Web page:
Communication studies

Communication studies or communication science is an academic discipline that deals with processes of human communication and behavior, patterns of communication in interpersonal relationships, social interactions and communication in different cultures.[1] Communication is commonly defined as giving, receiving or exchanging ideas, information, signals or messages through appropriate media, enabling individuals or groups to persuade, to seek information, to give information or to express emotions effectively.[2][3] Communication studies is a social science that uses various methods of empirical investigation and critical analysis to develop a body of knowledge that encompasses a range of topics, from face-to-face conversation at a level of individual agency and interaction to social and cultural communication systems at a macro level.[4][5]

Scholarly communication theorists focus primarily on refining the theoretical understanding of communication, examining statistics in order to help substantiate claims. The range of social scientific methods to study communication has been expanding. Communication researchers draw upon a variety of qualitative and quantitative techniques. The linguistic and cultural turns of the mid-20th century led to increasingly interpretative, hermeneutic, and philosophic approaches towards the analysis of communication.[6] Conversely, the end of the 1990s and the beginning of the 2000s have seen the rise of new analytically, mathematically, and computationally rigorous techniques.[7][failed verification]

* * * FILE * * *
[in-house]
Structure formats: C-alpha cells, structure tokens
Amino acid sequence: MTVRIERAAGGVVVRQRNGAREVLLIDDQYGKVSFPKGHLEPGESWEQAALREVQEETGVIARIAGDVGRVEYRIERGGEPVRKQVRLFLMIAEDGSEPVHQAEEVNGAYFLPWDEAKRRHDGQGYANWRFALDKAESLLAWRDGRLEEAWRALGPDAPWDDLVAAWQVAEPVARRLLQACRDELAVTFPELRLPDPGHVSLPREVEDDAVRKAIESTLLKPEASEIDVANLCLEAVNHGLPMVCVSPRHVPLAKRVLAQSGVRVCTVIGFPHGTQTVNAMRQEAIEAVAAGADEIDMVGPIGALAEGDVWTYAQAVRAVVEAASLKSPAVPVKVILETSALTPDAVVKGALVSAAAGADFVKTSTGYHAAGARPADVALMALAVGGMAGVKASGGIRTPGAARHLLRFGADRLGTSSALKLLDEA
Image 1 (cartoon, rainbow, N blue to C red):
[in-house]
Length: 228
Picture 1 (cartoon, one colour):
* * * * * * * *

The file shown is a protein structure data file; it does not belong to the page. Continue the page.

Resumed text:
As a field of study, communication is applied to journalism, business, mass media, public relations, marketing, news and television broadcasting, interpersonal and intercultural communication, education, public administration—and beyond.[8][9] As all spheres of human activity and conveyance are affected by the interplay between social communication structure and individual agency,[5][10] communication studies has gradually expanded its focus to other domains, such as health, medicine, economy, military and penal institutions, the Internet, social capital, and the role of communicative activity in the development of scientific knowledge.